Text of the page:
duce better results than the project of some dashing subaltern, anxious for the bauble reputation.
For such an attack an hour near midnight is usually selected, that the information may be gathered or the mischief done and a retreat effected under cover of darkness. A dark, wet, blustering, or—if the time be winter—an especially cold night is chosen. The degree of success to be attained depends naturally upon the element of surprise. Unless this be complete the attacking party will find their attempt usually quite futile.
The other sort of attack—that which has for its object the capture of the position—is usually planned to take place during the extreme darkness just preceding daybreak. The enemy has perhaps crawled on hands and knees up the slopes towards the line of sentinels. The van of this force is composed entirely of picked men, officered by the coolest heads. Signals are agreed upon, exact times for action arranged, and everything calculated to a nicety to insure that suddenness which is the very soul of success.
It is in the planning of such an expedition that true qualities of generalship are shown. It is the fashion rather to decry the military merits of Washington; yet I know of few events in history that show more sagacity than the swift crossing of the wintry Delaware and the surprise of Trenton. It was sagacious chiefly for the accurate comprehension of the probabilities. Washington knew the convivial habits of Rahl's Hessians, especially at Christmas-tide; he reckoned upon finding them in the midst of carousals, and the result proved the value of his forethought.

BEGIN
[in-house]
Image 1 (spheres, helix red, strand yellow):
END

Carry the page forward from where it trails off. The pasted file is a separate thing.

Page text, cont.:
Under ordinary circumstances, on the march, to quarter a command inside four walls is never advisable. The men are not as readily under the eye of their officers; in case of surprise they cannot be called into the ranks as quickly; discipline insensibly relaxes, and the machine (for an armed force ought to be that, however intelligent its units) fails to respond instantaneously to the word of the chief. In case of a serious attack, however, the village may serve a most important purpose. Should the houses be substantial ones of stone or brick, each may become a most efficient, if temporary fortification. One consideration which might have prevented its occupation has now no longer any weight. Apart from any natural feeling of good will for our fellow citizens, how unwise it would be to unnecessarily exasperate them. But now in the face of the enemy, it will be surprising if any soul is churl enough to grudge a patriotic hospitality. Most of the denizens will, indeed, make haste to hide their precious persons in the cellar, but will seldom grumble at the necessity.
With the utmost celerity the baggage and horses are moved to the most sheltered spot; the guns, under strong guards, posted where they